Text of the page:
29 Nov 2022 3 min read

Fear and doubt cloud US and UK economic forecasts

By Christopher Jeffery

US economists are gloomier than ever, while their UK counterparts are struggling with statistical shortcomings. We share our thinking on the outlook for both markets.


What’s the collective noun for economists? In the current environment, you could be forgiven for thinking it’s ‘a gloom’.

Every quarter since the late 1960s, the Philadelphia Federal Reserve Bank has been asking economists about the US outlook. Included in their list of questions is the anticipated probability of negative GDP growth (a recession) in the year ahead.

The Q4 survey, released a couple of weeks ago, was possibly the gloomiest on record. The collective wisdom of that particular crowd thinks there is a 47% chance of US GDP shrinking in the first quarter of next year. Even more remarkably, there’s a perceived 43% chance that the economy will still be shrinking on a quarterly basis this time next year. That’s the dark red line in the chart below; by a wide margin, the US economics community is the most pessimistic it has ever been.


Has the gloom been priced in?

It’s reasonable to think that if pessimism is this widespread then much of it is already reflected in market pricing. We have regular debates about whether a recession is already priced in. We think the answer is “no, not yet” when looking at credit spreads, equity-sensitive sectors and the US yield curve.

But the pervading gloom, which is also reflected in the downbeat year-ahead outlook published in recent weeks, makes us reluctant to aggressively sell risk in anticipation of the turn in the cycle. If next year does see a US recession, it will be the most telegraphed in the last 50 years. Prices are set at the margin.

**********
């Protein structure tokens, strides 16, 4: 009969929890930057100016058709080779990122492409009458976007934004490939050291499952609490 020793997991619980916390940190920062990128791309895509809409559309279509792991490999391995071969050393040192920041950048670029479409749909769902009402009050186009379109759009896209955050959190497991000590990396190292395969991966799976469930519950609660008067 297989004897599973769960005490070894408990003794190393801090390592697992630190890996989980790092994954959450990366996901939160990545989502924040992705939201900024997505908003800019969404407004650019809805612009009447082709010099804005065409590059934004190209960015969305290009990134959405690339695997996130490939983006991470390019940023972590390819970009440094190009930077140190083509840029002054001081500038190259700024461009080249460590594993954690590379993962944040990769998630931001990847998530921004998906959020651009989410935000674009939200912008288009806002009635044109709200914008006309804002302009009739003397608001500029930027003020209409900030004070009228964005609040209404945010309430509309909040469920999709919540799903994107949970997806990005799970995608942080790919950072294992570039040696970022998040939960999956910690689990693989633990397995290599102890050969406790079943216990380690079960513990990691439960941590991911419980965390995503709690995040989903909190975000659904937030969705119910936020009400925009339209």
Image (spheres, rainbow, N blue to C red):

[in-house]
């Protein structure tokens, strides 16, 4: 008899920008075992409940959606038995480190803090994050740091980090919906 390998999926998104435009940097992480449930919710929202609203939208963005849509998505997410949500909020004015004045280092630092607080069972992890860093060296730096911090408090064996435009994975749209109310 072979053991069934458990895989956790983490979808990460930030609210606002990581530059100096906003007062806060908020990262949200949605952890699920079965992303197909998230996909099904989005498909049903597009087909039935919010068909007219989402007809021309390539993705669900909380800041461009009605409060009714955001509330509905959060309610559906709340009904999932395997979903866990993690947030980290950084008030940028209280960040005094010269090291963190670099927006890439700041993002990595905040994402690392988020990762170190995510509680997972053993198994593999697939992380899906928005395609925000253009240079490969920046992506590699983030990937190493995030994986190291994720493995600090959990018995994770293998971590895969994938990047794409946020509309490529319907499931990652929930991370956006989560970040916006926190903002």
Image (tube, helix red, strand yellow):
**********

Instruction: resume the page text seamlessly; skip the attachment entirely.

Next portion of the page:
We still think next year will be a struggle for asset returns, and are looking for the best way to lighten up risk after the rally of the past two months. But to have a very negative market (as opposed to economic) outlook, we have to ask what new information is going to draw out motivated sellers.

UK economic forecasts mired in uncertainty

Turning to the UK, economic forecasting is hard enough with the impact of recent domestic political turmoil and Russia’s invasion of Ukraine to consider among the more routine analysis. But a few things last week highlighted how difficult this task really is.

First, are the shifting data sands on which any forecasting castle has to be built. Last week we learnt that statisticians can’t count people and they can’t measure prices.

Net migration over the 12 months to June was 504,0001 (around 0.8% of the population). That’s more than double the operating assumption of the Office for National Statistics and the Office for Budget Responsibility. We also learnt that producer price inflation (PPI) has likely been understated by nearly two percentage points because of a simple data processing error.2

It’s hard to come up with a sensible growth forecast without an estimate of growth in the labour supply. It’s also hard to come up with a sensible inflation forecast without an understanding of pipeline pressure through the supply chain. We’re trying to forecast the future, but it’s impossible to have much confidence about the recent past when it is so badly measured.

Our view on the UK

That’s enough of moaning about how difficult it is to have a view – what are we currently thinking on the UK?

We’re neutral on real and nominal government bonds yields, but we are overweight sterling investment grade credit and are positioned to capture any appreciation in sterling.

Pessimism about the UK outlook is still apparent in the premium still available on sterling credit, and the willingness of investors to potentially overpay for downside protection on the exchange rate.


1. ONS, November 2022

2. ONS, November 2022

Christopher Jeffery

Head of Macro, Asset Allocation

Chris is Head of Macro within LGIM’s Asset Allocation team. He oversees LGIM’s Economic Research, Rates and Inflation, and the Multi-Asset Strategists and idea generators. He joined LGIM in 2014 from BNP Paribas Investment Partners where he worked as a senior economist and strategist within the Multi-Asset Solutions group. Prior to that, he worked as an economist within monetary analysis at the Bank of England with a focus on the UK domestic economy. Chris graduated from University College, Oxford in 2001 with a first class degree in philosophy, politics and economics. He also holds an Msc in economics (research) from the London School of Economics and is a CFA charterholder.

Christopher Jeffery